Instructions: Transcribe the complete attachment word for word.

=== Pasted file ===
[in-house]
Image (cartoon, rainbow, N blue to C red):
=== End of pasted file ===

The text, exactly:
[in-house]
Image (cartoon, rainbow, N blue to C red):